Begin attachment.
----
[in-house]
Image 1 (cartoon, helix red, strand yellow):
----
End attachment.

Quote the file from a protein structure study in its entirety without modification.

[in-house]
Image 1 (cartoon, helix red, strand yellow):